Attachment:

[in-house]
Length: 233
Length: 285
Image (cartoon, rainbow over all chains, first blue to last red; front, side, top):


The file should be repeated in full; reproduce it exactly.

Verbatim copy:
[in-house]
Length: 233
Length: 285
Image (cartoon, rainbow over all chains, first blue to last red; front, side, top):